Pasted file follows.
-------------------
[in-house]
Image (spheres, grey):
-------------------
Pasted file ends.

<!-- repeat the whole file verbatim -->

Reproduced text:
[in-house]
Image (spheres, grey):